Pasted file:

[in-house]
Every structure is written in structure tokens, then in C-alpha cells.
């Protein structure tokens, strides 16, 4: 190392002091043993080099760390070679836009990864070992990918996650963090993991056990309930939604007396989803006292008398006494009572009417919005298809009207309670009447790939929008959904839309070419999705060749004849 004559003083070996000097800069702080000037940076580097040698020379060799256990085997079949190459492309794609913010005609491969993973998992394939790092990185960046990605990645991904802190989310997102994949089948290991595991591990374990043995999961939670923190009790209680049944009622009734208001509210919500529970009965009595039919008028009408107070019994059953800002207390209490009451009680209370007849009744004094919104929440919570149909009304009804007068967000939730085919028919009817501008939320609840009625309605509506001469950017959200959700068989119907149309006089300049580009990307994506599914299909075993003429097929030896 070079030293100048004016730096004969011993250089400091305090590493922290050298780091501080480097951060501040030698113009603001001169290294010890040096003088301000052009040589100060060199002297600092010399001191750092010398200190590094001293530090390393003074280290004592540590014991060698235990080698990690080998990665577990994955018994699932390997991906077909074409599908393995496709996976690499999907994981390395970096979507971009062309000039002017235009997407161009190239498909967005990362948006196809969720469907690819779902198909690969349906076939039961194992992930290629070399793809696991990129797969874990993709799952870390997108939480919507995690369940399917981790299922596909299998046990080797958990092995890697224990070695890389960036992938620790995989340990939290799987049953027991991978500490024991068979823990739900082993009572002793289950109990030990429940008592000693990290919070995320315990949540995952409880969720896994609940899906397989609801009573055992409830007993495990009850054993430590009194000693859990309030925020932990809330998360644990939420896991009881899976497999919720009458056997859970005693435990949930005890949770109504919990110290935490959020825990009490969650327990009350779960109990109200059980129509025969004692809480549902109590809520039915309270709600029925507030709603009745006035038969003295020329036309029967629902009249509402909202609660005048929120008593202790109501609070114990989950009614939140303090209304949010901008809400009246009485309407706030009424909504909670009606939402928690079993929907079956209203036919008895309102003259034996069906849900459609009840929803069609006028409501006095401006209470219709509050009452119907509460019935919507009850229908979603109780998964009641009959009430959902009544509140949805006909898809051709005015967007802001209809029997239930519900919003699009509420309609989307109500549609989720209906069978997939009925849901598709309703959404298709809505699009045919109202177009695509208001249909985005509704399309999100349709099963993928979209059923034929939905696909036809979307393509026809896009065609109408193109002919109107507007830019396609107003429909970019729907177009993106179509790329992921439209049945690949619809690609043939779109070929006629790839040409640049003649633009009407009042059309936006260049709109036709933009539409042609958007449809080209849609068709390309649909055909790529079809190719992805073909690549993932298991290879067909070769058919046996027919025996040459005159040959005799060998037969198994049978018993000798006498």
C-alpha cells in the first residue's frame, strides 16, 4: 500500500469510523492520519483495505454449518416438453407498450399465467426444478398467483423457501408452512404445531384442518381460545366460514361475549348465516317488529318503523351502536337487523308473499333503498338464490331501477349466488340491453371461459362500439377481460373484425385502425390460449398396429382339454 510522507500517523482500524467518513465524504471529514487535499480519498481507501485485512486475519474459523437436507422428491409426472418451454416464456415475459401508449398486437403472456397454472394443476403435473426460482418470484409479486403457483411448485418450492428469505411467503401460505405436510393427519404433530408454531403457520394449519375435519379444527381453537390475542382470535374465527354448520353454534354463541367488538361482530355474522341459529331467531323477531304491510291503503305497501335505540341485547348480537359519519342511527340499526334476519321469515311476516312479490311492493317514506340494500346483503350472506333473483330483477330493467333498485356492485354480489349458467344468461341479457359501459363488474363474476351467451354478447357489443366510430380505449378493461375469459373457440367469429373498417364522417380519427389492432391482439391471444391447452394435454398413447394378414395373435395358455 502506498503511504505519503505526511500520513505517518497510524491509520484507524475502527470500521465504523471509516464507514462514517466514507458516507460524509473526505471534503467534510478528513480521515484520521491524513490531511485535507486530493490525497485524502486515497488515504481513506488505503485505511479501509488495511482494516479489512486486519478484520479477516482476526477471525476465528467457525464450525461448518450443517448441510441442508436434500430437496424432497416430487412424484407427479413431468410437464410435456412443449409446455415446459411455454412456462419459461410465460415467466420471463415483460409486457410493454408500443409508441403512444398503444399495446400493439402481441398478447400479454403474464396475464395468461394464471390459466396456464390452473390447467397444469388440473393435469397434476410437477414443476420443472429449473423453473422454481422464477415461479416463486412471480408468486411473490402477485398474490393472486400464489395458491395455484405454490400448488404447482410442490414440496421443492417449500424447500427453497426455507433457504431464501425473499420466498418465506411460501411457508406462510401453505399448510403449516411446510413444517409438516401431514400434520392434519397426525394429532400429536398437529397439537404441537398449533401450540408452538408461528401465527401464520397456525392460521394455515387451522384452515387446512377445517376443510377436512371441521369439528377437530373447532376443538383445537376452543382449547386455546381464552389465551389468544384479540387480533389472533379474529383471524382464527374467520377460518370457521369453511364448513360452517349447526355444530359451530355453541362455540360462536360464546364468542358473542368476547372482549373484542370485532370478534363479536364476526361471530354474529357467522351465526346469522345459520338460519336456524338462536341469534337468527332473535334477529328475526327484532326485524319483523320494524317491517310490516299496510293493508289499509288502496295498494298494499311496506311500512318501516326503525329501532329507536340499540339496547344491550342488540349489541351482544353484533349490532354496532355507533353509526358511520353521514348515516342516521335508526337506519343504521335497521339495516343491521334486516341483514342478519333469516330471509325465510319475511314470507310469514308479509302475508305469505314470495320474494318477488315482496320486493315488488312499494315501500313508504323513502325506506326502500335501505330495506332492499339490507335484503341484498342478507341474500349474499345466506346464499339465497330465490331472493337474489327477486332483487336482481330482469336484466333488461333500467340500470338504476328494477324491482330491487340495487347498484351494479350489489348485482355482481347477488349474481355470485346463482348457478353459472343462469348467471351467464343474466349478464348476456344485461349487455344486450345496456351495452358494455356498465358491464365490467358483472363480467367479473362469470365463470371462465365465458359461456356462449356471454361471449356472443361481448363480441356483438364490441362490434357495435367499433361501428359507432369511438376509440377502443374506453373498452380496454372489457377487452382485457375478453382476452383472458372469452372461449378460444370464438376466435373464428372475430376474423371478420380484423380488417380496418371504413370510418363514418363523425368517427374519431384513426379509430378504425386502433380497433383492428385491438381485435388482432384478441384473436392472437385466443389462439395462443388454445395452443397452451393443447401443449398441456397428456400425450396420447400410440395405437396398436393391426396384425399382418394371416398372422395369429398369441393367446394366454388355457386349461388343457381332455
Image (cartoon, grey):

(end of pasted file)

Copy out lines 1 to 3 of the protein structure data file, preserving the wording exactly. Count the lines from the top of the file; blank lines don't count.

[in-house]
Every structure is written in structure tokens, then in C-alpha cells.
């Protein structure tokens, strides 16, 4: 190392002091043993080099760390070679836009990864070992990918996650963090993991056990309930939604007396989803006292008398006494009572009417919005298809009207309670009447790939929008959904839309070419999705060749004849 004559003083070996000097800069702080000037940076580097040698020379060799256990085997079949190459492309794609913010005609491969993973998992394939790092990185960046990605990645991904802190989310997102994949089948290991595991591990374990043995999961939670923190009790209680049944009622009734208001509210919500529970009965009595039919008028009408107070019994059953800002207390209490009451009680209370007849009744004094919104929440919570149909009304009804007068967000939730085919028919009817501008939320609840009625309605509506001469950017959200959700068989119907149309006089300049580009990307994506599914299909075993003429097929030896 070079030293100048004016730096004969011993250089400091305090590493922290050298780091501080480097951060501040030698113009603001001169290294010890040096003088301000052009040589100060060199002297600092010399001191750092010398200190590094001293530090390393003074280290004592540590014991060698235990080698990690080998990665577990994955018994699932390997991906077909074409599908393995496709996976690499999907994981390395970096979507971009062309000039002017235009997407161009190239498909967005990362948006196809969720469907690819779902198909690969349906076939039961194992992930290629070399793809696991990129797969874990993709799952870390997108939480919507995690369940399917981790299922596909299998046990080797958990092995890697224990070695890389960036992938620790995989340990939290799987049953027991991978500490024991068979823990739900082993009572002793289950109990030990429940008592000693990290919070995320315990949540995952409880969720896994609940899906397989609801009573055992409830007993495990009850054993430590009194000693859990309030925020932990809330998360644990939420896991009881899976497999919720009458056997859970005693435990949930005890949770109504919990110290935490959020825990009490969650327990009350779960109990109200059980129509025969004692809480549902109590809520039915309270709600029925507030709603009745006035038969003295020329036309029967629902009249509402909202609660005048929120008593202790109501609070114990989950009614939140303090209304949010901008809400009246009485309407706030009424909504909670009606939402928690079993929907079956209203036919008895309102003259034996069906849900459609009840929803069609006028409501006095401006209470219709509050009452119907509460019935919507009850229908979603109780998964009641009959009430959902009544509140949805006909898809051709005015967007802001209809029997239930519900919003699009509420309609989307109500549609989720209906069978997939009925849901598709309703959404298709809505699009045919109202177009695509208001249909985005509704399309999100349709099963993928979209059923034929939905696909036809979307393509026809896009065609109408193109002919109107507007830019396609107003429909970019729907177009993106179509790329992921439209049945690949619809690609043939779109070929006629790839040409640049003649633009009407009042059309936006260049709109036709933009539409042609958007449809080209849609068709390309649909055909790529079809190719992805073909690549993932298991290879067909070769058919046996027919025996040459005159040959005799060998037969198994049978018993000798006498």